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Contents

Introduction

Quotations

Understanding Quotations

Using Quotations

Modifying Quotations

Integrating Quotations

Paraphrases

Understanding Paraphrases

Writing Paraphrases

Integrating Paraphrases

Summaries

Understanding Summaries

Writing Summaries

Integrating Summaries

 

How to Work with Information from Sources

Writing Summaries

For purposes of this demonstration, we'll follow the progress of student writers Jenna Alberter and Gaele Lopez. We'll look at Jenna's research essay exploring the general topic of images of women in Dutch Baroque art and then focusing on the issue of how these paintings "influenced and were influenced by the culture in which they were created." We'll also look at Gaele's informative research essay for his introductory composition course that explored reasons for low turnout among voters under 25 years of age. We'll see how both Jenna and Gaele used different types of summaries to help strengthen their project documents. (Note that this demonstration uses MLA style for documentation. If you are using an alternate style, consult the appropriate guidebook for that documentation style.)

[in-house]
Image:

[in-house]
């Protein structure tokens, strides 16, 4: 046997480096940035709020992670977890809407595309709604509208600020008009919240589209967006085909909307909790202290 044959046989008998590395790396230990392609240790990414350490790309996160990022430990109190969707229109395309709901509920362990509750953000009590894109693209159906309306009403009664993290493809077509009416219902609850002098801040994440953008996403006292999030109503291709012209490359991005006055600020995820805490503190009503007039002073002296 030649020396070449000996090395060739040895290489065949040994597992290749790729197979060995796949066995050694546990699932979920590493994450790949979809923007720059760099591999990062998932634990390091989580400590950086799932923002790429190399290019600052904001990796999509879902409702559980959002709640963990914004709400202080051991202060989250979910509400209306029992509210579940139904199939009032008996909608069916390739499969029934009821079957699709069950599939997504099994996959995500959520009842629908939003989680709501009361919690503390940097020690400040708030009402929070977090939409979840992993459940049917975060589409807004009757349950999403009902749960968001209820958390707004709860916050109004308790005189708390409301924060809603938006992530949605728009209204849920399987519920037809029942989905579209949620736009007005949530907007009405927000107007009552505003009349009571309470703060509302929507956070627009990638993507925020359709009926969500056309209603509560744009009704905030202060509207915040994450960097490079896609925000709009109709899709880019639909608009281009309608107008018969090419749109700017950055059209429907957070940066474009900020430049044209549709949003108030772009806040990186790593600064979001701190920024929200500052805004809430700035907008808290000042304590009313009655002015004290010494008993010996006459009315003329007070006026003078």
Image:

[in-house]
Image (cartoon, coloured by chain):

The main steps to remember when creating a summary are:

  1. Check to see if the tone or style of your summary is appropriate for your project document. If it is not, revise your summary to better fit your project document.
  2. Properly identify the source of your summary.
  3. Make sure that your summary accurately and fairly represents the ideas in the original source.

To begin this demonstration, click on the Continue button.

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